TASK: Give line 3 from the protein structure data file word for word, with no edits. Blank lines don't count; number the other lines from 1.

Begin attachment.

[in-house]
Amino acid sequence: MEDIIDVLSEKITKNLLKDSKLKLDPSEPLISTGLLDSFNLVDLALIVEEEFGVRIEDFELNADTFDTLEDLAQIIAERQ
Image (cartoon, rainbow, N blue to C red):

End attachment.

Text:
Image (cartoon, rainbow, N blue to C red):